The respect David Lindley commanded as a player's player has echoed through the guitar world with the news of his passing yesterday (3 March) at the age of 78. Although known best for his work with Jackson Browne, Lindley's musical legacy goes wider and deeper.
"Rest in Peace to one of the greatest ever to ever play music," said Joe Bonamassa in tribute. "David Lindley changed the game for all of us."
No cause of death has yet been given but a fundraiser to help cover for Lindley's medical expenses for an undisclosed illness had been set up earlier this year.
After forming the folk-rock band Kaleidoscope in 1966, Lindley began to share his gifts as a valued and inspirational sideman with respected blues-rock musician Terry Reid in England during the early 70s before he came to the fore in his work with Jackson Browne. Lindley's contributions to 1977's multi-platinum Running On Empty proving to be a highlight with his lap steel solo on the title track is rightly regarded as a masterwork.
The multi-instrumentalist would also contribute to three Linda Ronstadt albums, Rod Stewart's Atlantic Crossing and A Night On The Town, and Warren Zevon’s eponymous 1976 record.
Ry Cooder hired Lindley for his Bob 'Til You Drop and Jazz albums in the late '70s and the duo continued to collaborate on tours together in later years.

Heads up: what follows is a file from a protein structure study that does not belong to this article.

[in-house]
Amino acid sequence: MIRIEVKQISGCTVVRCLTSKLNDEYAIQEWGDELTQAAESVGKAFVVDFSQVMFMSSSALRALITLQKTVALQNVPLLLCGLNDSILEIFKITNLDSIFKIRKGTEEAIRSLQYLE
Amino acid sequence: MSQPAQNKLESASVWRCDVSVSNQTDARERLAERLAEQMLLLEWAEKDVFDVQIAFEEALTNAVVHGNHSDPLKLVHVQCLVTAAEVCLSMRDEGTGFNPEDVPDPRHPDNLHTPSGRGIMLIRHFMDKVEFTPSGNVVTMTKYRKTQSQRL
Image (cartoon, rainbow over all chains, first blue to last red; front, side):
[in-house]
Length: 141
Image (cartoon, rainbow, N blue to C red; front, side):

“The loss of David Lindley is a huge one," said Americana musician Jason Isbell in tribute. "Without his influence, my music would sound completely different. I was genuinely obsessed with his playing from the first time I heard it. The man was a giant.”
Lindley would explore his own take on new wave with his band El Rayo-X in the early 80s and throughout his career displayed an ability to take to a wide range of stringed instruments as a creative spirit exploring musical possibilities. That perhaps explains why he moved away from mainstream rock in the late '80s, while occasionally returning to contribute to albums from Bob Dylan (1990's Under The Blood Red Sky) And John Prine's 1991 release The Missing Years.
"David could play pretty much any instrument you put in front of him with incredible versatility and expression," wrote Graham Nash on Instagram. "He was truly a musician’s musician and has been admired with awe and respect for such a long time now."
During the '90s Lindley and experimental guitarist Henry Kaiser released a series of albums built around their field recording expeditions in Madagascar and Norway, but he would return to Browne's band for a Spanish tour in 2006, releasing his last solo album a year later with Big Twang.